Division Of Insurance Announces 2005 Auto Insurance Rate Decision
Commissioner Bowler Approves Slight Rate Decrease
In approving an adequate statewide rate, the commissioner must base her decision on the frequency and severity of losses in recent years, in addition to expenses and profit considerations. While data considered in this rate case reflects a slowing in the growth of overall accident frequency, Commissioner Bowler noted that claims frequency among inexperienced driver classes has grown dramatically in the same timeframe.
"With this decision, rates for inexperienced and bad drivers will be more reflective of the losses they cause and a financial incentive will finally exist for improving driving habits. It is unfair for experienced drivers to continue to shoulder the costs borne by those who cause accidents more frequently," stated Commissioner Bowler.
A report issued to the Division of Insurance in April by Tillinghast-Towers Perrin verified that subsidization by driver class is unique to Massachusetts and that inexperienced drivers are charged premiums that are often significantly lower than the costs associated with providing
them coverage. Massachusetts-specific data indicates that inexperienced drivers property damage and collision claims frequency is four times higher than experienced drivers and personal injury claims frequency is six times higher than that of experienced or Class 10 drivers.
Experienced vs. Inexperienced Operator Claims Frequency (per 100 Vehicles)
2001-2003 Claims Frequency
Experienced Drivers w/6+ years driving experience
Inexperienced Drivers w/4-6 years driving experience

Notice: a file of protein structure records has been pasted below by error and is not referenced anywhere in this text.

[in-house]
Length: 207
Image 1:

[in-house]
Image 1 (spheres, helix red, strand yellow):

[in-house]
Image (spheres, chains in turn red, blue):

Inexperienced Drivers w/0-3 years driving experience
OTHER DECISION HIGHLIGHTS
In addition to a rating differential that currently exists for inexperienced drivers who have passed a RMV-approved driver education course, Commissioner Bowler approved the creation of a 5% discount for drivers who complete a RMV-approved advanced driver training course. The decision also reduces the subsidy that currently exists for the inexperienced driver classes.
Commissioner Bowler again adopted an internal rate of return model for calculating insurer underwriting profits, the use of which was upheld last month by the Massachusetts Supreme Judicial Court. The resulting profit allowance for the industry remains virtually unchanged from the 2004 rate decision.
A 4.8% average increase in agent commissions was approved, raising the average commission per vehicle from $114.00 in 2004 to $119.50 for 2005.
In a separate decision agreed to by the parties and affirmed by the Commissioner in November, drivers at Safe Driver Insurance Plan ("SDIP") steps 20 to 35 will receive an increase in the value of a surcharge. The additional revenue generated from that increase will result in a reduction in the value of surcharges applied to experienced drivers with one at-fault accident or moving violation that is greater than three years old. The parties also agreed to phase-out the so-called "clean slate rule" that provides for placing drivers with SDIP steps over 15 at Step 14 with three consecutive years of at-fault accident or violation-free driving.
1 A statewide average rate increase or decrease authorized by the Commissioner is based on the existing rate at the time insurers make their rate request, typically in August of each year ($1,082 as of 8/13/04). It is inaccurate to portray an average rate increase or decrease based on the existing rate at the time of the last rate decision because the average rate drifts upward due to the ever-changing composition of the fleet of vehicles in the state.
2 It should be clarified for your audience that the average statewide rate does not necessarily reflect what any one policyholder will pay for premium in 2005. Actual premium is dependent on the types of coverages and deductibles chosen, number and types of vehicles insured, SDIP records and driver classifications, territorial assignment and any discounts applied.